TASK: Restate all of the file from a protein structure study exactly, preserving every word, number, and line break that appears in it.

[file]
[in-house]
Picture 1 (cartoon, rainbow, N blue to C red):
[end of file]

[in-house]
Picture 1 (cartoon, rainbow, N blue to C red):